POSTED BY REGINA CANTU
ChicaChic, an art exhibit displaying the works of five leading Chicana visual artists will be showcased at the California Institute of Integral Studies (CIIS). ChicaChic comprises the concepts, themes, and iconography of the Chicano civil rights movement of the 1960s and 1970s but “reflects a world that is drastically changed,” says Deirdre Visser, arts curator at CIIS. The exhibit is the culmination of years of planning.“These women were raised in a different era, and ask different questions,” added Visser. The works in the show include a large canvas by Ana Teresa Fernandez depicting a woman “washing” the beach at the U.S.-Mexican border with her hair; it’s a striking image that demands both that we engage with the current debates over immigration, and the politics of women and labor.
Alongside Fernandez, ChicaChic features the work of Angelica Muro, Mitsy Ávila Ovalles, Favianna Rodriguez, andShizu Saldamando. The work of these five artists varies greatly, but they all are responding visually to the shifting needs of their communities in novel ways. The exhibit is guest-curated by Raquel de Anda, formerly of Galería de la Raza. “ChicaChic is about stepping beyond the boundaries of identity, challenging stereotypes about what it means to be Chicana,” says de Anda. “It’s about the fluidity of identity and the need for new kinds of images in a fast-paced, media-saturated society.”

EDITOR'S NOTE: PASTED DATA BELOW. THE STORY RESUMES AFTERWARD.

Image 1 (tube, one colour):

As Dorotea Reyna, CIIS Director of Development describes it, “ChicaChic is also a way to represent who we are at CIIS. With a ethnically diverse student body, CIIS feels that ChicaChic is an ideal exhibition to highlight our diversity, expand our arts programming, and further project our voice into Bay Area Latino communities.”